A data flow map should be one of the first things your organization produces as you prepare for the EU GDPR (General Data Protection Regulation). It helps you identify whether you store EU residents’ personal data – and therefore whether the Regulation applies to you. It also helps track how information moves through your organization, such as from suppliers and sub-suppliers through to customers, which you can use to ensure GDPR compliance.
You might be surprised at how extensively information travels through your organization, and it all needs to be accounted for. If it isn’t, you are not only at risk of a data breach but are also non-compliant with Article 30 of the GDPR, which requires organizations to maintain detailed records of their data processing activities and make those records available to their supervisory authority upon request.
But data flow maps are about more than being organized and efficient. They also help organizations identify vulnerabilities in the way information is transferred and establish the necessary steps to become secure.
Where to begin?
You should begin your data mapping exercise by identifying the following key elements:
- Data items (e.g. names, email addresses, records)
- Formats (e.g. hard copy forms, online data entry, databases)
- Transfer methods (e.g. post, telephone, internal/external)
- Locations (e.g. offices, the Cloud, third parties)
Each of these come with their own risks, which you’ll need to take note of. For example, databases might be misconfigured and made publicly available, storage devices might be misplaced or used by malicious insiders to create copies of sensitive information, and the Cloud might be rendered temporarily unavailable, hindering the organization’s access to important documents.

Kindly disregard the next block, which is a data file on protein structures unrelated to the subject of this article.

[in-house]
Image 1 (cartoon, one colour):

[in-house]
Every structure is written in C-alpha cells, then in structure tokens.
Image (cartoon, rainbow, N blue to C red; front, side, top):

Once you’ve listed every risk, you should look for ways to mitigate them. You’ll probably find that many risks can be eradicated by simply cutting back on the amount of data you collect and transfer. This will also help you meet another of the GDPR’s requirements: organizations should collect only as much personal data as necessary and store it for only as long as necessary.
Data flow mapping challenges
It’ll probably be much harder than you anticipate to identify all the data you store, even if you are focusing on the GDPR and personal data. Remember, the Regulation defines personal data as any information that identifies someone or could be used alongside other data to do so.
You might also struggle to identify technical and organizational safety measures. There are several procedures for protecting data, and you’ll need to determine whether the risk is significant enough to be addressed.
Finally, you might also have a hard time interpreting the GDPR’s requirements. Although they are similar in places to current data protection laws, they are much stricter and the penalties for non-compliance are more severe. A data protection officer will be able to provide expert advice, but not all organizations are required to appoint one. Either way, you should commit to GDPR training for anyone who handles personal data.
Want help producing a data map?
This blog has covered the basics of data flow mapping, but you can get more comprehensive advice in our green paper: Conducting a Data Flow Mapping Exercise Under the GDPR. This free guide also outlines data flow mapping techniques, which will help you put your knowledge into practice.
You might also be interested in Vigilant Software’s Data Flow Mapping Tool. It simplifies the mapping process and makes it easy for you to review, revise, and update maps when needed.
The Data Flow Mapping Tool helps you understand the flow of data through your organization.
With this tool, you can create consistent visual representations of the flow of data through all your business processes without having to resort to more time-consuming methods, such as pen and paper or vector graphics.